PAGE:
Lilium pardalinum

California tiger lily

Plant Type: Bulb
Sun: Partial Shade, Sun
Drainage: Slow
Water: Moist, Regular
Height X Width: 6' X 1'
Santa Clara County Local: No
What do these mean?



The tiger lily grows in moist areas in much of California’s mountainous regions north of Los Angeles. It prefers steady moisture, and so is more common in the northern portions of the state. Following winter dormancy, the bulb will send up a whirl of low-growing, grass-like leaves. If the bulb is small this may be the extent of the growth for the year as the bulb stores up energy. Once the bulb reaches sufficient size it sends up one or more stalks of lance-shaped leaves. One to several pendent flowers appear on each stalk with their characteristic turk-cap structure. The flower then fades and a seed pod is produced as the plant slowly enters dormancy. In the garden, steady moisture is essential, since a desiccated bulb will often rot away, even if water is provided. At the same time, it is possible to provide excess moisture. The bulb cannot be submerged in water, for instance. Tiger lily will expand into quite a patch over time as additional bulbs form on the rhizome.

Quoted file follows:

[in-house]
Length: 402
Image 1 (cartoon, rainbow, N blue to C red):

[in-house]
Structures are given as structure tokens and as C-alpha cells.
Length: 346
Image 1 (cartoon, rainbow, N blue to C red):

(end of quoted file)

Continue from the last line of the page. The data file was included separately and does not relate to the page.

Deer Resistant: No
Attractive to Bees: Yes
Attractive to Butterflies: Yes
Good Under Oaks: No
Evergreen or Deciduous: Deciduous